[1] Many viewers feel let down by the film because it lacks the energy and excitement found in most of Hitchcock’s films, and because the courtroom setting creates expectations that are not quite filled.

Many Hitchcock fans will not particularly enjoy this one…

[2] I like Peck normally, but in this film, he’s too young and never convincingly English, despite his accent. Even without the accent, he doesn’t suggest someone who is passionately and irrationally swept away, as the role calls for.

[3] THE PARADINE CASE is generally conceded as among Hitchcock’s lesser films. It’s most interesting parts of the performances of the leads (except for Alida Valli, who is quite dull), and the famous sequence of the portrait of Valli whose eyes seem to follow the camera (standing in for Gregory Peck/Anthony Keane) as it passes from one room to the next.

[4] It is not typical Hitchcock, and fails to fascinate the audience. The high point is the verbal clashes between Laughton and Peck (sometimes assisted by Leo G. Carroll as the prosecutor), Jourdan’s collapse in the witness box when Keane attacks him for secretly betraying his master with the defendant, and Valli’s final condemnation of Keane in court.

-Excerpts from IMDB reviews

“Brute Force” (1947) starring Burt Lancaster & Hume Cronyn

Gallagher [after learning that parole board hearings have been cancelled]: Those gates only open three times. When you come in, when you’ve served your time, or when you’re dead!

Joe Collins (Burt Lancaster) is a serving a life sentence at a maximum security prison (Westgate Penitentiary). After being held in solitary, then hearing of a friend’s sudden death, he has had enough! Collins and Gallagher (Charles Bickford), the prison’s newspaper editor, plan an elaborate escape. The men in his cell say they’ll follow along. The head guard, Capt. Munsey (Hume Cronyn in his only villainous role), suspects something is up; he has informants all over. Warden Barnes (Roman Bohnen) holds authority on paper only; Dr. Walters (Art Smith) is a decent man who has been driven to alcoholism. These veteran actors came from NYC’s Group Theater (1931-1940) which followed the principles of Stanislavski. The film ends in a huge fight between guards and inmates, w/ gunfire, explosions, and many deaths!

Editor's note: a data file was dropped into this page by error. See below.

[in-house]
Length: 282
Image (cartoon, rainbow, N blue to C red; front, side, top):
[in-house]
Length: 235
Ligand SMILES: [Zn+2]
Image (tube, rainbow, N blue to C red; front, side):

Dr. Walters: Yes, Capt. Munsey. I’m just a very ordinary man. I get drunk on whiskey but you sir – you get drunk on power.

The acting is top notch; this is Lancaster’s 2nd movie after his debut opposite Ava Gardner in The Killers (1946). He had height, looks (traffic-stopping), and screen presence; he was discovered by producer Mark Hallinger (who died at just 44 y.o. from a heart attack). Cronyn (who hailed from the theater, like his wife Jessica Tandy) chews up the scenery as a sadistic wanna-be dictator. In one standout scene, he interrogates and beats the prison reporter, Louie (Sam Levene), while the music of Wagner (Hitler’s favorite composer) plays in the background. The musical score (composed by Miklos Rozsa) is considered to be even more compelling than the one he wrote for The Killers.